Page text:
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2004 BMW 330 - Battery price

Avg price for battery replacement and program?

Dean, we don’t know where you live (and don’t want to know…). Just pick up the phone and call around. You’ll get your best answer that way AND you can schedule an appointment for that battery replacement.

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Enter your vehicle information here, and you’ll get some idea about the price.

https://repairpal.com/estimator

Tester

According to my information, between $10 and $1000. Prices may be higher on weekends and holidays.

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A while back someone here talked about the long procedure to install a battery on a BMW. Might want to ask your dealer and have it done there if reprogramming is required.

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Why would a manufacturer build a car that needs re-programing to replace a battery except to fleece more money from their customer, and ,once word gets out, why would anyone buy them?

Is it like French waiters, the more they look down their noses at their customers, the higher the tip?

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It appears as long as you get the same CCA battery you don’t need to reprogram but if you go to a different capacity or a AGM battery you do. According to the bmw forum’s at least. Some have gone to their local parts store and bought a new battery without needing to do anything else.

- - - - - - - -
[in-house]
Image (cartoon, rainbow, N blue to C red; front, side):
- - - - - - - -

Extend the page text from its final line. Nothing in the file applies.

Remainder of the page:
You might want to as if whoever replaces the battery if they use a memory saver.

@oldtimer_11. Years ago, there was a procedure for reconnecting the battery in a 1954 Buick.

  1. Make certain everything is turned off and doors are closed
  2. Connect positive cable.
  3. Scratch negative cable against negative post,
    but do not connect.
  4. Repeat step 3. If there is no spark, connect cable. If there is a spark, the clock is not fully wound. Allow clock to run down and go back to step 3.
    In those days, the clock was spring driven. Every two or three minutes, a solenoid would click on and rewind the spring. Many makes of cars had this type of clock. I just pulled the fuse for the clock as it never kept accurate time anyway.
    Now we have to do even stranger things to keep computers from losing their memory when the battery is disconnected.
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Even an Oldtimer can learn new old time things.

I checked with the Costco site and a battery for that car costs;

New York City; $149

Miami FL; $149

Phoenix AZ $149

Expect to pay between .5 and 1.0 hours of labor to install and set the programming for a new battery.

That certainly didn’t work with me.
The first time that I was in Paris, I remembered that the French like you to try to communicate in their language, so I dredged-up my best attempt from my memories of high school French instruction.